Perfection is always in your approach. It’s in the manner that you move toward an untouchable ideal. This is what I believe A/B testing is all about, the pursuit of perfection. In the case of A/B testing, perfection would be a conversion rate of 100% — a metric that is completely impossible to achieve.
Any optimization expert’s dream would be to get that rate for the stuff they promote. However, be it longform articles, CMS news or ways to create a mesmerizing website look it’s hard to even approach that ideal.
In order to achieve success with A/B testing, one needs to know what to look for. It’s easy to start — what matters, however, is how you decide to continue. Today, we are going to reveal some of the finer points in achieving statistical validity.
It’s A/B testing to the max. Even if that maximum is so miserably unachievable, we’re set on winning anyway.
Running an A/B test effectively requires you to:
1. Define a specific test subject
2. Define testing groups
3. Perform a P&L analysis
4. Design backend environment to support testing (or use an A/B testing tool)
5. Execute the test
6. Analyze data
7. Interpret findings
8. Implement changes
Each of those steps is very important. A closer inspection is required.
The first and most important aspect of A/B testing is the control group. You’ve got to keep a baseline result in mind to mark any improvement from your test subjects. Pretesting, therefore, becomes vital. This consists of gathering information about your users. Controlling the criteria of your subjects so that they have greater statistical validity.
To begin with, you need to define your ideal test subject based on the data you’ve gathered. Put together a profile of whose personal leanings you want to gauge. Doing so will help you draw meaningful conclusions from the results of your testing.
Next, you need to gather as much data on your test subjects as possible. Such data can be gathered through your site analytics or purchased from a third party data vendor.
The kind of data that you’re looking depends on who you’re dealing with.
The list goes on, and this kind of info is just the tip of the iceberg. Ideally, you want a profile that consists of between 10 and 20 separate criteria.The more specific you are, the better your results will be. You’ll build your customer profile based on certain criteria, and anyone who doesn’t meet those criteria won’t be included in your test results.
Now assuming that you’ve ran the numbers and determined that the potential windfall from testing for conversion improvement is greater than the cost of testing (the P&L analysis), you’ll need to think about what aspect of your site should be altered in your test.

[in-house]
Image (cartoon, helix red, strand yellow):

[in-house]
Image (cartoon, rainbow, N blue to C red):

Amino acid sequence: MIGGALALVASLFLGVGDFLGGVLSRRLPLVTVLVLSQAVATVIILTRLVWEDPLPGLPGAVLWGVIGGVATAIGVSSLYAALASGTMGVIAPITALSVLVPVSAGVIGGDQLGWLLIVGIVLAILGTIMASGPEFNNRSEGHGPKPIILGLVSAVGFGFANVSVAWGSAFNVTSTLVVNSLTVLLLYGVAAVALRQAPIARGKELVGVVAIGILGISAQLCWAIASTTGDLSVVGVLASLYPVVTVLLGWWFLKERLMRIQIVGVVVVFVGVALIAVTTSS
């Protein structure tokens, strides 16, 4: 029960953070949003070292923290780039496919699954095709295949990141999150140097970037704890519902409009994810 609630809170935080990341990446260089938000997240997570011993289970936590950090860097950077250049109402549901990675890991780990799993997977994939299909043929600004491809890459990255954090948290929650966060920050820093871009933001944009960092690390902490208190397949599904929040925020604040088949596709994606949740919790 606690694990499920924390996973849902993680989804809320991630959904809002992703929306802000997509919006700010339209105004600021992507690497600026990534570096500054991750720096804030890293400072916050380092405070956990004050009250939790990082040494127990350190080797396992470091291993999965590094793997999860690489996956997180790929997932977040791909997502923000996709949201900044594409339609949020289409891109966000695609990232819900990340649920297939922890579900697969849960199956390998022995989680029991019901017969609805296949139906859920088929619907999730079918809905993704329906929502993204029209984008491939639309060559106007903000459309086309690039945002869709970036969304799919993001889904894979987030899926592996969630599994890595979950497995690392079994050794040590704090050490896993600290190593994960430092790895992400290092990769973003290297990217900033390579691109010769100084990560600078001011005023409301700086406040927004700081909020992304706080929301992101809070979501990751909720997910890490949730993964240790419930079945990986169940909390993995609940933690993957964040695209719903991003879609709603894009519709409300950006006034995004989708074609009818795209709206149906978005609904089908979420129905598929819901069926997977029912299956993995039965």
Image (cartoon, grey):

You only want to change one feature of your web page at a time. If you test more than one variable, then you don’t know what’s responsible for the difference in visitor behavior. In other words, the test result you’vegeneratedwon’t be as valid. A/B tests undoubtedly provide the best answers to your questions, but they do take longer because you’re only manipulating one variable at a time.
So what should you change? The most common subjects of scrutiny are as follows:
Again, the items you’re testing should be subjective to your service offering and to your customer profile. Use the data at your disposal to determine what’s most important to your customers and test your hypothesis. And don’t forget about the details.
Now you just need to speak to your developers and have them implement the test. Make sure they’re sending 50% of the subjects to either the control version of the site, or the variable. More importantly, make sure they’re tracking thecontrol and testing groups so you can gather data for a statistically valid summary/finding.
Run the test for a significant period of time, enough to gather your preferred test size. The greater the number of subjects, the more accurate your data. So be patient.
Interpreting results isn’t as simple as picking the winner. The better performer has to reach a level of statistical validity—at least 95%. Beyond that, you need to let the test run its course. Nothing ruins results like impatience.
Interpreting the data is, in all honesty, the arena of experts. It’s easy to pick a winner between the control and the variable, all you have to do is see which converted the most users at a faster rate. What’s not so easy? Determining what you’ve learned about your users. Finding out requires a good deal of math.
The most important thing to remember, however, is that A/B testing is a slow process that results in incremental improvement. Each test is useful, even the hypotheses that fail can still teach you something about your customer’s psychology.
What best practices have you implemented in you’re A/B tests? Share your experiences in the comments.
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